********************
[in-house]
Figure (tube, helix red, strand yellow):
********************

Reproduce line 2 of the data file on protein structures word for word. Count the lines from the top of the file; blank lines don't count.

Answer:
Figure (tube, helix red, strand yellow):